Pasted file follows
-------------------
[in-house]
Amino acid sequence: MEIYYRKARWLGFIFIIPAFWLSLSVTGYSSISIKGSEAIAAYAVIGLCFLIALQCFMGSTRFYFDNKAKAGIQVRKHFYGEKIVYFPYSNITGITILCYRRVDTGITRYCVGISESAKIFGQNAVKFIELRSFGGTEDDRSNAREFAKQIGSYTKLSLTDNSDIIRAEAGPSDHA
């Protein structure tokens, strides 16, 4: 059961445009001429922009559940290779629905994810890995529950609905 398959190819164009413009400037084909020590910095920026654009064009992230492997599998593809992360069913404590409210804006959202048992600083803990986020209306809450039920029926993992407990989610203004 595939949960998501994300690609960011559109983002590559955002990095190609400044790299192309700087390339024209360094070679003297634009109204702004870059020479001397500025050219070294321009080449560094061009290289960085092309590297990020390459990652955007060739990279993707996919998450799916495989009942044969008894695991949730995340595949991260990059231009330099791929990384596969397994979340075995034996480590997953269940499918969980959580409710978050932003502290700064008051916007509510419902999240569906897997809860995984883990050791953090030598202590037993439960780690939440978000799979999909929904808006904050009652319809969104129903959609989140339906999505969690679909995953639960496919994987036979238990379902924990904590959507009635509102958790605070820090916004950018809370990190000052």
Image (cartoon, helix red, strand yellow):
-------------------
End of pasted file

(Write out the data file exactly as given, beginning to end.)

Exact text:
[in-house]
Amino acid sequence: MEIYYRKARWLGFIFIIPAFWLSLSVTGYSSISIKGSEAIAAYAVIGLCFLIALQCFMGSTRFYFDNKAKAGIQVRKHFYGEKIVYFPYSNITGITILCYRRVDTGITRYCVGISESAKIFGQNAVKFIELRSFGGTEDDRSNAREFAKQIGSYTKLSLTDNSDIIRAEAGPSDHA
């Protein structure tokens, strides 16, 4: 059961445009001429922009559940290779629905994810890995529950609905 398959190819164009413009400037084909020590910095920026654009064009992230492997599998593809992360069913404590409210804006959202048992600083803990986020209306809450039920029926993992407990989610203004 595939949960998501994300690609960011559109983002590559955002990095190609400044790299192309700087390339024209360094070679003297634009109204702004870059020479001397500025050219070294321009080449560094061009290289960085092309590297990020390459990652955007060739990279993707996919998450799916495989009942044969008894695991949730995340595949991260990059231009330099791929990384596969397994979340075995034996480590997953269940499918969980959580409710978050932003502290700064008051916007509510419902999240569906897997809860995984883990050791953090030598202590037993439960780690939440978000799979999909929904808006904050009652319809969104129903959609989140339906999505969690679909995953639960496919994987036979238990379902924990904590959507009635509102958790605070820090916004950018809370990190000052």
Image (cartoon, helix red, strand yellow):